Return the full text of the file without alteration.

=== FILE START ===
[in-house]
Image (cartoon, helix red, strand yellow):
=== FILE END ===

[in-house]
Image (cartoon, helix red, strand yellow):